STEEL BUILDINGS/metal buildings 60% off! 20x28, 30x40, 40x62, 45x90, 50x120, 60x150, 80x100 sell for balance owed! Call 1-800-4572206 or visit us online at: www.crownsteelbuildings.ca STEEL BUILDING. “The big year end clear out!” 20x22 $4,259. 25x24 $4,684. 30x34 $6,895. 35x36 $9,190. 40x48 $12,526. 47x70 $17,200. One end wall included. Pioneer Steel 1-800-668-5422. www.pioneersteel.ca
MISCELLANEOUS WANTED ANTIQUES, BOOKS, collectibles, furniture, china, jewelry. Estates/private libraries purchased. Galleon Books & Antiques, 250-655-0700
NANAIMO WATERFRONT 2nd floor condo. 1500 sq.ft. LR/DR/2bdrms with view, den, gas FP, secure bldg. 2 underground parking spaces. Maintenance fee includes hot water/gas/landscaping. 1 pet OK. $339,900 (250)753-9123
BUYING - RENTING- SELLING
WANTED 1 or 2 bdrm to rent for 1 month to 6 weeks on or near waterfront in Oak Bay during May, June or July. Call Heather (250)920-9043 or email: heather firstname.lastname@example.org
ROYAL OAK- grd level 2 bdrm, newly reno’d, close to all amens, NS/NP. $950 heat & H/W incld. 250-704-6613.
TILLICUM- 2 bdrm, 1 bath. F/S. N/S. Avail Dec 1. $1000. (250)479-4779.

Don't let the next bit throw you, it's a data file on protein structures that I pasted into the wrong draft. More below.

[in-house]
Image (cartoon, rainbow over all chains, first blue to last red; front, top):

Spots available at Great Rates. Daily, weekly, monthly. Pool, Hot tub, exercise room, laundry, putting green, hiking, fishing, Pickle Ball Court. Free coffee in one of the best clubhouses on the island. Nanaimo area. www.resortonthelake.com 250-754-1975 or email@example.com
ROOMS FOR RENT
CRYSTAL POOL: 1 bdrm, full kitchen, shared bathroom, $565. NS/NP, non-drinker. Call (250)477-0686.
SAANICH: 55+ furnished 2 bdrm, balcony faces Swan Creek, 5 appls, in-suite W/D. $1200. utils incld 250-479-5437
HOMES FOR RENT
SHARED ACCOMMODATION NORTH NANAIMO: Attention Students/Working Professionals: fully furnished room, nice, quiet area. Own bathroom, cable, FREE WiFi, shared kitchen and laundry. N/S, N/P, no partiers. $550/mo. Avail. immediately. 250-756-9746
WATERFRONT. NORTH Saanich. Above grnd, large 2bdrm, 2 bath. $1800./mo + 1/2 utils. Possibly sm boat moorage +. NP/NS. (250)656-5999.
TOWNHOUSES SIDNEY 3-BDRM, 2.5 bath. 5 appl’s, gas F/P, garage, sunroom. NS/NP. $1600. + utils. Avail Nov. 15. (250)656-7456.
WANT TO rent detached garage for classic car in Oak Bay only. Call (250)598-1845.
LANGFORD (Mill Hill)- large, bright, quiet 1 bdrm, on bus route, parking NS/NP. Refs. $950 inclusive. (250)478-5261 MARIGOLDcozy 1 bdrm, woodstove. shared W/D, quiet. NS/NP. $850. 250-727-6217.
1966 CHEVY Pick up, 1/2 ton short box, burgundy. 3 in the tree, 6 cylinder. Good condition, runs great, comes with second set of winter tires and rims. Second owner for last 45 years, in Victoria. $6,000 obo. Call: 250-479-0441 or email: firstname.lastname@example.org
$50 to $1000 Scrap Junk Broken Down Cars Trucks Vans
UNDER NEW MANAGEMENT
SEND US YOUR